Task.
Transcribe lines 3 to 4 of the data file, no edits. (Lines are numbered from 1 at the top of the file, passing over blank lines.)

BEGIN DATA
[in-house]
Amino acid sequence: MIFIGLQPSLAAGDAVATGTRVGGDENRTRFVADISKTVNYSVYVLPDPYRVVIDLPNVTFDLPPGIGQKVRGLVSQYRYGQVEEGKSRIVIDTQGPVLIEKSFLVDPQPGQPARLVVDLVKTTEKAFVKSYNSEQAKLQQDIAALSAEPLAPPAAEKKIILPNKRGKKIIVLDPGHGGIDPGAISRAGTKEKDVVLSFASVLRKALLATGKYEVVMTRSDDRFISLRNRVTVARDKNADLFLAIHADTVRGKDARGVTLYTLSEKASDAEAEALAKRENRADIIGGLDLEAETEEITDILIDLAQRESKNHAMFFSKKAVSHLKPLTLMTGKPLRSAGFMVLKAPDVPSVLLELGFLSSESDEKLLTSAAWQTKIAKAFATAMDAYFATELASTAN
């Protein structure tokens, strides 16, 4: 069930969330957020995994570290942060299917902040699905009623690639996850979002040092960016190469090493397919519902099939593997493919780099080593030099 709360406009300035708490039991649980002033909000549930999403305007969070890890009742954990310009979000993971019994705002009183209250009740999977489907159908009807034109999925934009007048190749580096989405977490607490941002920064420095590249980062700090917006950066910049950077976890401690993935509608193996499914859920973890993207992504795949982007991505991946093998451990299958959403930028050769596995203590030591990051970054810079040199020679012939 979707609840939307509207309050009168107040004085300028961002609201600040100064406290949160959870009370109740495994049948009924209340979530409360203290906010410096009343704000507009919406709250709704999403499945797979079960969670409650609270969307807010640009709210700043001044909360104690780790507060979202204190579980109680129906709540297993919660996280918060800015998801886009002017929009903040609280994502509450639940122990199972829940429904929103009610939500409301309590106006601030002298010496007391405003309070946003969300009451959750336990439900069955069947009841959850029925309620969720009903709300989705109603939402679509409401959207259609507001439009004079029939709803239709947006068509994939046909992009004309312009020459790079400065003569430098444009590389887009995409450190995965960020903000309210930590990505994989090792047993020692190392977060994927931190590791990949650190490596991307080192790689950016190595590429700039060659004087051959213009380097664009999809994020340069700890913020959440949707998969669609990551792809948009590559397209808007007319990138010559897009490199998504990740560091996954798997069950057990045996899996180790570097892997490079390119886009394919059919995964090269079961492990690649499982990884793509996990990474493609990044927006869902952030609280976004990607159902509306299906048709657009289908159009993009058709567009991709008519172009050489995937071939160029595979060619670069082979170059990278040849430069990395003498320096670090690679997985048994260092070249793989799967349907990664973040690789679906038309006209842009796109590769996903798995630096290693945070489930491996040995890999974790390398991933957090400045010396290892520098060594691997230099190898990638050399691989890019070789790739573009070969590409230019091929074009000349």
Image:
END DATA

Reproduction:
């Protein structure tokens, strides 16, 4: 069930969330957020995994570290942060299917902040699905009623690639996850979002040092960016190469090493397919519902099939593997493919780099080593030099 709360406009300035708490039991649980002033909000549930999403305007969070890890009742954990310009979000993971019994705002009183209250009740999977489907159908009807034109999925934009007048190749580096989405977490607490941002920064420095590249980062700090917006950066910049950077976890401690993935509608193996499914859920973890993207992504795949982007991505991946093998451990299958959403930028050769596995203590030591990051970054810079040199020679012939 979707609840939307509207309050009168107040004085300028961002609201600040100064406290949160959870009370109740495994049948009924209340979530409360203290906010410096009343704000507009919406709250709704999403499945797979079960969670409650609270969307807010640009709210700043001044909360104690780790507060979202204190579980109680129906709540297993919660996280918060800015998801886009002017929009903040609280994502509450639940122990199972829940429904929103009610939500409301309590106006601030002298010496007391405003309070946003969300009451959750336990439900069955069947009841959850029925309620969720009903709300989705109603939402679509409401959207259609507001439009004079029939709803239709947006068509994939046909992009004309312009020459790079400065003569430098444009590389887009995409450190995965960020903000309210930590990505994989090792047993020692190392977060994927931190590791990949650190490596991307080192790689950016190595590429700039060659004087051959213009380097664009999809994020340069700890913020959440949707998969669609990551792809948009590559397209808007007319990138010559897009490199998504990740560091996954798997069950057990045996899996180790570097892997490079390119886009394919059919995964090269079961492990690649499982990884793509996990990474493609990044927006869902952030609280976004990607159902509306299906048709657009289908159009993009058709567009991709008519172009050489995937071939160029595979060619670069082979170059990278040849430069990395003498320096670090690679997985048994260092070249793989799967349907990664973040690789679906038309006209842009796109590769996903798995630096290693945070489930491996040995890999974790390398991933957090400045010396290892520098060594691997230099190898990638050399691989890019070789790739573009070969590409230019091929074009000349």
Image: